I try regularly to check out the Association of Equipment Manufacturers monthly look at farm equipment statistics. This is a report I've been looking at since the 1980s when the ag portion of the group was known as the Farm and Industrial Equipment Institute (really). It's an enlightening report and offers a pretty public view of how things are going in the world of tractor and combine sales - the bread and butter for major equipment makers.
Earlier this the May stats came out, and soon after Deere & Co. announced it was lowering its fiscal outlook for the current year, cutting full-year net income by about $100 million, thought full-year sales will decline a little less than expected. CNH Industrial saw soft numbers on its latest quarterly report - yet analysts following both companies have their stock on "hold" versus sell, which you might expect in a soft market according to one market following website. As for Agco, which has seen its stock rise, even with a slumping North American market, is also considered as a "hold" stock as well by analysts.
In essence, even with soft sales, legacy farm equipment players are apparently a safe haven for stock holders for now. Perhaps part of that is their continued commitment to the market and investment in innovations for the future (but that's just a guess on this blogger's part).
Yet it's also good to keep these facts in mind when you look at monthly equipment stats from AEM. Basically April was a tough month - unless you sell small tractors. And while all the majors do, those smaller machines can't carry all the weight. Yet in the under-40 hp market sales rose 7.8% for April (compared to April 2015) and up 17.9% through April when compared to the same period a year ago.
The only thing I noticed when looking at the stats is that the under-40 market sold just over 16,500 machines yet has just over 83,000 in beginning inventory for April - that's a five-month supply of machines sitting on dealer lots. With sales chugging along that shouldn't be a burden, but inventory numbers are something to watch.
After the under-40 stats, the picture darkens a bit. The 40 to 100 hp segment slipped 15.3% for the month (compared to last year) and is down 3.2% for the January through April period compared to a year ago. In this case inventories have crept up to about 8 months of machines on hand, which may be an opportunity for those in the market for a new machine.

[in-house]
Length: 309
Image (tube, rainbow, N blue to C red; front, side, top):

For over-100 hp tractors sales are off 16% for the month - and remember we're comparing April to April year over year. Last year planting was clipping right along, and we've still seen a sales slide this year. Year over year - for the January to April period - shows sales off 28.1%. Inventories are a little tighter here though with about 5 months of machines on hand.
In the case of four-wheel drive machines - we're talking articulated machines, not machines with mechanical front drives - sales slid 10.4% in April and are off 31.5% for the year so far. Inventories, however, are much tighter with a little over 3 months' supply on hand.
And finally, combines - here sales were off 45.5% in April, and off 26% so far this year. Inventories here are less than 3 months, the machinery companies have really clamped down on production.
Obviously, sales are soft, and you may not be in a buying mood, but sometimes the best deals are to be had when the market is soft (if your balance sheet can stand it). As you look at your probably now-delayed equipment buying plan, cherry picking a few items to fill in gaps may be a good idea.
We'll keep following the market, note in the graphic I included with this, however, that 2016 is still above the five-year average. That is solely driven by the push in under-40 hp machines, but shows that we're in a market slump, but still beating the averages.